So, Deadpool 2 has a director.
David Leitch is going to be taking on the Merc with a Mouth, and will be the unfortunate soul to have to try and keep Ryan Reynolds’ ego in check throughout the process of developing a sequel to this year’s hugely popular R-rated superhero bridge porn smash hit.
(Thinking about it, the phrase “bridge porn” sums this movie up so very, very well…)
Leith directed Keanu Reeves in John Wick, so he’s used to overly violent movies, and dealing with actors who are far more successful than they are talented. All in all, this is a pretty good fit.
This announcement didn’t even have time to become old news, though, before rumors started flying around about Fox’s plans for Deadpool 3, and a third director in as many films.
Apparently, the studio doesn’t hold out much hope that Leitch will be able to put up with an excessive dose of Ryan Reynolds. This seems like a pretty smart call, all things considered.
According to Comic Book Movie, Rupert Sanders, Drew Goddard, and Magnus Martens are all being considered for the third movie in what will no doubt be a desperate crutch for Fox for many years to come.
While it’s good to know that the studio is planning ahead, and factoring in the superhuman levels of annoyance that Reynolds generates in anyone who stands near to him for too long, it is a bit worrying that the plan for Deadpool is to entrust each movie to a new director.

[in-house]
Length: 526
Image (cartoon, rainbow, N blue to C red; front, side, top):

Bryan Singer has made four X-Men movies, and three of them were pretty good. One bad egg, though, has clearly left Fox wary of trusting a superhero franchise to a single director again.
This is not a good lesson for the studio to learn. It dangerously mirrors what’s going on over at Warner Bros with the DCEU, and the studio’s obsessing with micromanaging movies in a misguided effort to maximize profits.
Choosing a third director for the Deadpool franchise sends a pretty clear message about where Fox is placing their trust: they want a director who’ll cater to Ryan Reynolds’ every irritating whim, and they don’t want anyone to get comfortable.
Never forget, Fox movie directors: you’re expendable. Ryan Reynolds isn’t. Here ends the lecture on the X-Men chain of command.
This is a problem for several reasons (many of which relate to Reynolds’ insufferable attitude towards filmmaking and his own importance in the process), but it’s perhaps most worrying because it shows that, as much as Fox is trying to learn from Apocalypse, all the company is really doing is shifting its focus.
Bryan Singer’s single X-Men flop means that Fox no longer trusts directors. Instead, the studio trusts its lead actor with far too much power.
Actors aren’t meant to control every aspect of a movie. Directors aren’t meant to simply stand around, doing exactly what they’re told.
Fox has these two roles around the wrong way, and it’s going to take them far too long to figure this out.